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Combining social norms and social marketing to address underage drinking: development and process evaluation of a whole-of-community intervention

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Version 2 2024-06-13, 10:24
Version 1 2017-04-04, 15:54
journal contribution
posted on 2024-06-13, 10:24 authored by SC Jones, K Andrews, K Francis
Youth alcohol consumption has been steadily declining in Australia, as in other countries; fewer young people are drinking and the age of initiation is increasing. However, young people, their parents and others in their communities continue to believe that adolescent (excessive) drinking is the norm. This perception, and the concurrent misperception that the majority of parents are happy to provide their underage children with alcohol, creates a perceived culture of acceptance of youth alcohol consumption. Young people believe that it is accepted, and even expected, that they will drink; and parents perceive that not providing their adolescent children with alcohol will lead to social exclusion. There is evidence that shifting social norms can have an immediate and lasting effect adolescents’ (and adults’) alcohol related attitudes and behaviors. This paper reports on a novel, community based social marketing intervention designed to correct misperceptions of alcohol related social norms in an Australian community. The project utilized a social marketing approach, informed by the full complement of Andreasen’s social marketing benchmarking criteria, and concurrently targeted adolescents, parents of adolescents and the broader community. Using extensive formative research and multiple evaluation techniques, the study demonstrates that shifts in community social norms are possible and suggests that this approach could be used more widely to support the positive trends in youth alcohol consumption and parental supply.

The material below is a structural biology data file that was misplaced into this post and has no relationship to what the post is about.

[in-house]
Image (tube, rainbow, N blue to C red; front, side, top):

History

Journal

PLoS one

Volume

12

Article number

e0169872

Pagination

1-14

Location

San Francisco, Calif.

Open access

  • Yes

ISSN

1932-6203

eISSN

1932-6203

Language

eng

Publication classification

C Journal article, C1.1 Refereed article in a scholarly journal

Copyright notice

2017, Jones et al

Issue

1

Publisher

Public Library of Science

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